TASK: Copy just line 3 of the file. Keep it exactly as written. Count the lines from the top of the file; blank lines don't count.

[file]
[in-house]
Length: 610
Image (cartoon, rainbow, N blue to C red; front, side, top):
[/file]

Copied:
Image (cartoon, rainbow, N blue to C red; front, side, top):